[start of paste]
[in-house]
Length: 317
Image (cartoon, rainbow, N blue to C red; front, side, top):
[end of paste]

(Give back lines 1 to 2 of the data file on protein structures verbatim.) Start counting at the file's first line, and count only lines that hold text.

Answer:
[in-house]
Length: 317